Tracking Toxic Trains in California and Boosting Federal Safeguards

The oil boom in North Dakota's Bakken region has led to more crude oil being transported by train throughout the country and, consequently, a rise in oil train accidents. On Aug. 29, California passed new legislation that would help emergency response officials prepare for potential disasters. The legislation would require rail companies to submit emergency response plans and inform officials about the movement of crude oil and other hazardous materials through the state. The bill dovetails with related federal efforts to boost rail safety.

read in full

Drinking Diesel? Fracking Companies Use Toxic Substance without Permits

When it comes to protecting drinking water, fracking companies have just one federal rule to follow – get a permit if they are using diesel. But a new report by the Environmental Integrity Project (EIP) indicates that many drillers can’t even abide by this simple requirement.

read in full

Election Transparency Threatened by Lack of Resources for Key Agency

Impeded by a lack of resources, the Federal Election Commission (FEC) has been slow to publicly release recent campaign finance disclosures. The FEC is the independent agency charged with enforcing federal election laws and making campaign finance information available to the American people. This information is vital, particularly in the wake of recent U.S. Supreme Court decisions that gutted our campaign finance laws, and significant delays in releasing such data are of serious concern to the health of our democracy.

read in full

GAO Report Finds Problems with EPA Groundwater Protection Program

The U.S. Environmental Protection Agency (EPA) is not adequately monitoring more than 172,000 wells used to enhance oil and gas drilling and dispose of drilling wastewater, according to a July 28 report by the Government Accountability Office (GAO). The report, based on two years of research, identified several significant problems with EPA's program to protect groundwater from drilling chemicals and wastes.

read in full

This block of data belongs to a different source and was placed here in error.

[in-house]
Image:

Billions of Dollars Missing From Government Spending Website

Last December, National Priorities Project and the Center for Effective Government noted that "hundreds of billions of dollars in federal spending are missing from USASpending, the website designed to show the public how their tax dollars are spent."

read in full

Obama’s Executive Order to Improve Chemical Facility Safety, One Year Later

One year ago today, President Obama issued Executive Order 13650, which directs federal agencies to improve the safety and security of chemical facilities. The order came in response to a string of chemical disasters, including the April 2013 fertilizer plant explosion in West, Texas that killed 15 people and injured more than 200.

read in full

Report Finds Flaws in Small Business Advocacy Office

According to a recent report by the Government Accountability Office (GAO), the Small Business Administration's Office of Advocacy has failed to develop and implement procedures necessary to ensure the office is effectively carrying out its mission of representing small businesses before federal agencies.  

Background

read in full

EPA Requests Public Comments on Chemical Safety Standards

On July 24, the U.S. Environmental Protection Agency (EPA) released a preview of its Request for Information (RFI) on revisions to its Risk Management Program, which tracks information and requires disaster prevention plans from potentially risky chemical facilities.

read in full

Pitched Battle for GMO Labeling Continues

Update (07/24/2014): On July 17, the U.S. Department of Agriculture (USDA) withdrew its GMO disclosure rule, previously proposed in February 2013. The rule would have allowed the USDA to share information with state regulators about the flow of genetically engineered organisms into and out of a state. The USDA obtains information about farmers’ GMO use through registrations and permit applications

read in full

Momentum Growing as Campaign Finance Amendment Clears Senate Committee

On July 10, the Senate Judiciary Committee voted to support S.J. Res. 19, a proposed constitutional amendment that would restore the ability of Congress and the states to regulate money in elections. The amendment was introduced by Sen. Tom Udall (D-NM) amid growing concerns over the influence of money in politics, particularly following the U.S. Supreme Court ruling in Citizens United v. Federal Election Commission.

read in full